Thompson tries to think about the future back in Britain, but does not want to think about an African occupying his orderly office and sitting in his chair. He starts to feel like he is easily replaceable and will never leave a mark.
Margery wonders when it was that she and her husband started to live separate lives. She could not conjure the real sympathy of a wife even during the Rira debacle. She does enjoy Africa, though, because it was there that she felt a sense of freedom and release. She remembers how her affair started with Van Dyke, how exciting it was. It became unhappy, though, and she was jealous of other women he talked to.
She wished she could confess because her husband meant something to her, but Van Dyke exercised a power over her. When the train claimed him, she felt relieved but then restless. She wishes her husband would talk about Uhuru now, and touches the lobe of his ear with her lips, hoping to break their relationship open a bit.
Thompson had come to Africa during WWII, then returned to Oxford. There he studied the development of the British Empire and met two African students. He marveled at how much they loved Britain and how educated they were. He did not see the irrationality and superstition of the Oriental race in them. He began to write a treatise called “Prospero in Africa” about how being English was a state of mind. In it, he argued against the French attempt to assimilate only the educated. This was when he met Margery, who was attracted to his brilliance.
Now he looks back over his notes in the work, seeing comments about how the Negro is a child and cannot advance without authority; he is also an actor and a liar. Thompson spends time wondering what would have happened if he had actually risen, now that Uhuru is coming. This is why he resigned: so he could get away before it happened.
He thinks that Margery might help exorcize his demons, and he steps into the room. She is asleep and he is relieved. He lies down but cannot sleep.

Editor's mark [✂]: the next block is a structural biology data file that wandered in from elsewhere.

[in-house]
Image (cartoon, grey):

Gikonyo remembers when he returned from the detention camp. He became known for his honesty, his scrupulousness, his fair treatment of rich and poor. He and his wife and mother would buy grain and then resell it for a profit, and he eventually became wealthy. People respected him and he was a moral to village children.
Along with five other men he decided to buy the farm of Richard Burton, a white man who had settled in Kenya but recently decided to leave because power was returning to black hands. Gikonyo and his affiliates could only raise half the amount in cash, which Burton required, so he planned to visit the MP to see if he could get a loan from the bank.
He travels to Nairobi to see the MP. The city is excited, flags hoisted to celebrate the coming of Uhuru. He does wonder why there are no African shops in the central business area of the city, and hopes that someday, African businessmen like him can take over.
At the MP’s office people with various problems complain and wait for the MP. He arrives late and begins to see them, his demeanor more like a father or headmaster. Gikonyo is hopeful, thinking of possibilities in his future.
He enters the MP’s office, and the man tells him it is a difficult loan to get but he is working on it. Gikonyo is disappointed, especially when the MP says he will contact Gikonyo when he can. He asks if he really ought to expect anything, and the MP, alarmed, says it just takes time. Before he leaves the MP tells him he is too busy to come to Uhuru celebrations in the district.